Are We There dropped on May 27th via Jagjaguwar. Go here to buy it via iTunes. Watch the great and profoundly depressing video for “Every Time The Sun Comes Up” below:

Album Review: Pink Mountaintops – Get Back


I saw a photograph lying in the street

Picture of you 

Oh and how times change

Though it has been five years since we’ve heard anything from Pink Mountaintops, frontman Steve McBean has remained incredibly busy. Moving from his homebase in Vancouver to Los Angeles didn’t stop him from releasing Wilderness Heart with Black Mountain in 2010, retooling Black Mountain songs for the Year Zero soundtrack in 2012, or forming Grim Tower and putting out Anarchic Breezes under that moniker last year. Always a musician who has shuffled from project to project with a surprisingly clear vision for each (despite the generally stoney vibes that tie them all together) McBean tapped producer Joe Cardamone in releasing the band’s sixth studio album, Get Back.

With any of his endeavors, McBean’s never focused on experimenting with new instruments, electronic beats or fancy vocal effects, and Get Back is no different. With this record, he set out once again to create a pure, plain and simple rock’n’roll document, and he accomplishes exactly that; there are no frills, no underlying agendas or messages, no subtleties. Get Back sets a scene, creates a mood and proves that you don’t have to look to the future to create something new and interesting. To the contrary, McBean riffs on the past and creates an album that captures the truest essences of a rock’n’roll lifestyle, which according to him consist of “Alleys, curbs, walls, and cigarette stained gig flyers. An island on the Pacific coast. Fake British towns. Slayer posters. The beauty of youth. It’s about listening to ‘Driver’s Seat‘ and ‘Guns of Brixton‘ and hotboxing The Duster.”

Get Back may be only ten tracks long, lasting for just under 40 minutes, but for those 40 minutes it’s easy to be transported back to the irresponsibility of youth. It evokes those times when I thought it was cool to litter floors with cigarette butts, those times I had to wear sunglasses inside because I was too hungover for fluorescent lighting, those times getting drunk in the woods behind the powerlines because I was too young to go to bars and had nowhere else to go. With hook-driven guitar riffs, lyrics that sometimes veer into the nonsensical, and McBean’s dramatic yet sincere vocals, Get Back perfectly encapsulates the angst, spontaneity, romance and irresponsibility of youth.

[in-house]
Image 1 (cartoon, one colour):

It is no accident that Get Back brings one back to their reckless teenage years. The whole album is a nostalgia trip, and McBean makes this no secret. From “The Second Summer of Love,” which, according to McBean, was in 1987, to the distorted doo-wop of “Sixteen,” where McBean laments “and all we want tonight is to fall in love beneath the midnight sky” McBean clearly looked back to his teenage years, dredging up all of the drama and recklessness that comes along with it. This thematic approach works well, as no two things go together better than teenage kicks and rock’n’rollWhen Joe Cardamone told McBean to “Sing it like you would’ve sung it when you were 21,” I doubt that he expected him to do so with such sincerity.

But it’s not just nostalgia that drives Get Back; the record is also a sentimental exploration of hedonistic West Coast urges and how they play out in McBean’s newest home. Nowhere is this more apparent than in the record’s lead single, “North Hollywood Microwaves,” which features Giant Drag frontwoman and Cali native Annie Hardy.  Her adenoidal, X-rated ramblings over bass-driven beats and dystopic melodies give it a hyper, free-wheeling zaniness, and set it apart from the rest of the LP’s more straightforward brand of stoner rock. The album opens with driving drums, urgent guitar and grungy vocals on “Ambulance City” and moves through a veritable buffet of dirty, psych jams before ending, appropriately, with “The Last Dance.” Rather than striving to separate himself from the rock influences of the past, McBean celebrates and elaborates on them at every turn.

Get Back brings out the teenage miscreant in all of us. Make sure to pick it up when it comes out on 4/29 via Jagjaguwar records.